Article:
an Evolving World


Oct 28, 2013 (4 years and 7 months ago)


U.S. Development Assistance in
an Evolving World

Jeffrey Alwang


Department of Agricultural and Applied Economics

Virginia Tech


Examine rationale behind providing foreign
development assistance

Examine US development assistance
program: history and motivations

Discuss some ways that development
assistance can be improved

Types of foreign aid

Economic development assistance plus
military assistance

Bilateral & multilateral

Grants & loans

Programmed & emergency

Components: financial aid, technical
assistance, food aid

Rationale for Foreign Aid

Humanitarian (moral or ethical)

Compensation for past injustices

Uneven distribution of global resources

Moral obligation to help the poor improve their
standards of living

Political (strategic self interest)

Economic self interest

Develop markets

Dispose of surplus

Rationale continued

Is foreign development assistance in the best
interest of both the donor and recipient? Some


Substitute for domestic savings

Supports public sector (can be a source of inefficiency)

Administratively costly

Why is aid needed instead of relying on private
commercial capital flows?


Foreign aid is a relatively new phenomenon

Prior to WWII, most foreign aid was bilateral, and
formal programs for U.S. aid were limited and ad
hoc in nature

Relief and recovery efforts in W. Europe (Marshall
Plan) and E. Asia began a flow of development
assistance from the U.S.

Following WWII, Point Four in Harry S Truman’s
1949 inaugural address called for:

“a bold new program for making the benefits of scientific
advances and industrial progress available for the growth of
underdeveloped areas.”


Point Four marked a shift in assistance emphasis
from reconstructing Europe toward needs of
developing countries

Through 1950s and early 1960s, development
assistance was almost entirely bilateral and largely
from the U.S.

U.S. assistance was focused on infrastructure,
institution building and professional staff
education. Agriculture and food aid were clear


Support for agriculture and, particularly
agricultural research, had clear payoffs during the

Success in agriculture led to focus on “second
generation” problems

poverty reduction and rural

and movement away from
infrastructure and institution building

U.S. agricultural aid focused on technology
adoption through subsidized credit, especially in
Latin America

Overview: history

1980s & 1990s were era of policy reforms

Open economies had better growth performance

More liberal economies led to more efficient resource allocations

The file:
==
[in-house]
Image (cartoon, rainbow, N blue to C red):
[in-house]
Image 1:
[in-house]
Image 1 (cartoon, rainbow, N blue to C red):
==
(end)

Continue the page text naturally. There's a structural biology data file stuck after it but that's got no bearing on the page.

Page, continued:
Many of the biases due to inappropriate macro economic policies
were against agriculture

In many countries, structural adjustment policies did not
benefit social spending and agricultural research and
extension expenditures were dramatically cut

In Africa, aid shifted to second
generation and then to
policy reforms without addressing the first
(productivity enhancement) problems

Macro trends

Trend toward multilateral aid since 1960

Decline in assistance for agriculture with increases in
human resources and environment

Loss of linkage between technical expertise at land
universities and U.S. development assistance

Decline in agricultural specialists in USAID

Movement of technical assistance services away from land
universities and toward consulting firms

Movement toward “program support” rather than “project

E.g. SWaP currently used by major donors

Macro trends

Concentration of U.S. foreign aid in a few

U.S., in 2004, dramatically increased its foreign
aid to $19 billion, a 14.1% increase in real terms
from 2003

ODA to developing countries increased to $ 78.6
billion in 2004, its highest level ever

But, the donor country average is about .25% of GDP, far
below the .7% target agreed to at the UN

US ODA is about .16% of GDP

US is still the world’s largest donor, accounting for about 24%
of total ODA

Impacts of aid

Capital accumulation

Ease budget constraints

Provide foreign exchange

Transfer technical expertise

Effectiveness of foreign aid

Need to distinguish between types of aid: bilateral
and multilateral

Foreign aid has been a relatively small share of
developed country GNP

All aid is not focused on development; it is often
delivered for political purposes, disasters, etc.

Even for aid destined for development, there are
multiple purposes:

Infrastructure, human resource development, agricultural

oriented investments in groups

Effectiveness of foreign aid

Effectiveness of aid depends on existing policies:

Can help perpetuate ineffective policies

Generally, countries with good policy regimes have benefited,

There is no strong evidence that ODA has led to
large intercountry differences in growth rates

Sector studies have shown better results:


Human resource development


How can effectiveness of aid be

Improve macroeconomic and sectoral policies in recipient

Improved dialogue between donors and recipients

More attention to development goals rather than narrow
political interests:

Food aid with a purpose (such as generating rural employment)

Technical assistance and long
term training

term commitments, particularly support for
building and long
term training

Improved coordination and management among
multilateral agencies

Learn from mistakes, but don’t throw out the baby with the
bath water